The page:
Are you losing trust in Shopify? These words from the company president might change your mind

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Shopify (STORE 11.10%) has been a big laggard over the past year, with shares of the e-commerce giant falling 75% in the past 12 months. The company’s financial results suffered when its pandemic-related tailwind came to an abrupt halt, and economic issues such as inflation didn’t help either. Although the market continues to punish Shopify, the company showed encouraging signs in its latest quarterly update.

Management appears confident that the tech giant’s long-term prospects are intact. Let’s take a look at some encouraging words that Shopify President Harley Finkelstein said during the company’s second quarter earnings call and what that might mean for investors.

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Build a solid foundation for growth

Net losses and economic issues are just a few of the issues Shopify is facing. And given these challenges, it’s not too surprising that many investors have decided to put their money elsewhere. But as the old saying goes, what doesn’t kill makes you stronger. Shopify believes it is taking steps that will only strengthen its business and help it build a strong foundation for the future. As Finkelstein said, “We believe we will emerge stronger from 2022 and this macroeconomic cycle, and our prospects for long-term growth and profitability remain strong.”

There’s quite a bit to unpack there. First, why does the company think it will emerge stronger from the current cycle? Here’s just one reason: Shopify has taken steps to help its customers – merchants running online storefronts – better serve their customers and reach a wider range of consumers around the world. Shopify’s efforts in this direction include Shopify Markets, a cross-border management tool it launched last year to allow merchants to customize their storefronts to specific geographic regions from a single store.

Shopify also continues to go global, introducing various tools, including Shopify Payments and Shopify Shipping, to countries such as France, Italy, and others during the second quarter.

How will these initiatives (and others) help Shopify emerge stronger from the current ordeal? There is no doubt that retail spending will increasingly shift to e-commerce avenues. That’s why the company’s long-term growth prospects are attractive. Estimates vary, but according to some projections, the e-commerce market will be worth more than $27 trillion by 2027, up from $10.4 trillion in 2020. Shopify is helping its merchants capitalize on this trend. After all, e-commerce is a global phenomenon.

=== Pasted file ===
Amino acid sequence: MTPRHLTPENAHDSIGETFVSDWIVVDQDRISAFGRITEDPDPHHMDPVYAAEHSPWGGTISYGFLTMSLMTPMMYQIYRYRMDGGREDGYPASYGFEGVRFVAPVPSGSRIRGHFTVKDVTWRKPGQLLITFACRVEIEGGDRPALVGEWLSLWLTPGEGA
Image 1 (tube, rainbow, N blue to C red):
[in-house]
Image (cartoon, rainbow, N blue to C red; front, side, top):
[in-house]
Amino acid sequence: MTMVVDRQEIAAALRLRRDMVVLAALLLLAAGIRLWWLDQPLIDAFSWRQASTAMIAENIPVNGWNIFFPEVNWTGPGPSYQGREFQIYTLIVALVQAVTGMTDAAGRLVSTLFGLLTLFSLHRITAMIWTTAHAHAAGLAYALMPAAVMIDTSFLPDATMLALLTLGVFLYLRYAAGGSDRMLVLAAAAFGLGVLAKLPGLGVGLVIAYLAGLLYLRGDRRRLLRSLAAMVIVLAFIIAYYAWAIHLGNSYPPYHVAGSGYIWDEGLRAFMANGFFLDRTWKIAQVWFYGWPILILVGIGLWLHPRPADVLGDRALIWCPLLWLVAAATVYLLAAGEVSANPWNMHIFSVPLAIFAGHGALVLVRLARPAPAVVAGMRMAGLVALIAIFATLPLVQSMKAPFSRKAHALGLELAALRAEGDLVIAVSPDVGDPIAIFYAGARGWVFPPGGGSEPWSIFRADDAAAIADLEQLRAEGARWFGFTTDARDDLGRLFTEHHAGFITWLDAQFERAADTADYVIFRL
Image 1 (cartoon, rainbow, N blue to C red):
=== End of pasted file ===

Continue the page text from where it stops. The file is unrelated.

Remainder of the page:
The ability of its merchants to do business globally will positively impact Shopify’s Gross Merchandise Volume (GMV, the total value of transactions made on its platform). This will push Shopify revenue in the right direction. Finkelstein also mentioned Shopify’s “leading position” in the industry. Last year, the company’s share of retail in the United States was 10.3%, second only to the clear leader, Amazon.

What is your investment calendar?

Shopify isn’t off the hook just yet, not while we’re still struggling with economic (and other) issues. For those looking to make a profit on its shares overnight – or even within the next year – I wouldn’t recommend buying today. But for people with a much longer investment horizon, say five years or more, Shopify is still a solid choice. Finkelstein is right that the opportunities ahead remain enormous.

And the company has already made solid progress in its market while creating a competitive advantage in the process. Shopify benefits from high switching costs because the time, energy, and money it takes its merchants to develop and maintain online storefronts are investments. These merchants will be reluctant to switch platforms. The company can strengthen its grip on its current pool of customers and attract new ones while continuing to add new features and services to run its business efficiently.

A growing customer base, coupled with a growing industry and a strong moat will help Shopify deliver above-market returns over the long term. It is still worth staying with the company despite its challenges.

John Mackey, CEO of Whole Foods Market, an Amazon subsidiary, is a board member of The Motley Fool. Prosper Junior Bakiny holds positions at Amazon and Shopify. The Motley Fool holds positions and recommends Amazon and Shopify. The Motley Fool recommends the following options: $1140 January 2023 Long Calls on Shopify and $1160 January 2023 Short Calls on Shopify. The Motley Fool has a disclosure policy.

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